Musically inspired by 1990’s Indie rock and following up on her 2019 a cappella work (B O D I E S EP), Shiny Things illuminates Kat Frankie’s musical virtuosity whilst her vocals carry an emtional heft reching deep into her narratives its a rich experience one you will want to return to over and over again. 7/10 Bill Cummings

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Kloot Per W – Arbre a Filles

He might be getting on for 70 but the erstwhile Claude Perwez, aka Kloot Per W is still capable of some highly agreeable tunesmithery, which is evidenced here on Arbre a Filles in abundance. Sometimes it sounds like Iggy Pop doing Eurovision, which is something I’m sure we’d all like to see. ‘Girl On The Phone‘ is a standout with its intense bossa nova (I think. But don’t quote me on that – I’m no expert on Latin American dance Hall!), and the following title track, which mixes garage punk guitar with Liminanas style voice-over in a laid back jazz-funk style. And the wonderful ‘Je Suis La Mort‘ (‘I Am The Death‘) has a real Britpop style feel about it, like a French language version of Supergrass‘s ‘Mansize Rooster‘ or Oasis‘s ‘The Importance Of Being Idle‘. Above all, Arbre a Filles is a whole lot of fun, really. Loz Etheridge 7/10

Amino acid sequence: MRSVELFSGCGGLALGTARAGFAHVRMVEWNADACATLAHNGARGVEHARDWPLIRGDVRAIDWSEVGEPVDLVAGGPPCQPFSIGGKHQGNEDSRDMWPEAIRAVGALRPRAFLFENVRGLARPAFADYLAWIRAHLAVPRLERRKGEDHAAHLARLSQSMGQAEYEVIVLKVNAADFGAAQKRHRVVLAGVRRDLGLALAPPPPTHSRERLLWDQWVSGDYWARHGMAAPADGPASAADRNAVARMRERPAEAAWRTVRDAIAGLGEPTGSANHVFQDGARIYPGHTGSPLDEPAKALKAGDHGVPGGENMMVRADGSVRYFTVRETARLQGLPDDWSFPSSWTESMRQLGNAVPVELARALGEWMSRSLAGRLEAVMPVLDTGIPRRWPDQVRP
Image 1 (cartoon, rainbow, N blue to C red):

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Anton Barbeau, cousin of US actress Adrienne, has been making music in his own right since the early nineties now. While I haven’t heard everything that he’s ever released, what I have heard is always very palatable, sometimes bordering on ‘genius’, such is his previous effort Oh The Joys We Live For, which received a lot of ‘car time’ from me! One year on, his latest collection Power Pop!!! is another entertaining collection. The title track is like a coming together of David Bowie and The Everly Brothers, perhaps with David Holmes on synths, while other cuts suggest a hint of late sixties psychedelia or, on the surprising ‘Hillbilly Village‘, the old kids’ television show Banana Splits. Yes really. But that’s juxtaposed with tunes such as the gripping ‘The Sound‘ which is like a journey to an unknown land, and the very brief ‘Pompadou Toupee‘ which is like Laurie Anderson produced by Phil Spector. The great thing is how Barbeau consistently evades categorisation, which creates a wonderfully eclectic listen throughout. Loz Etheridge 8/10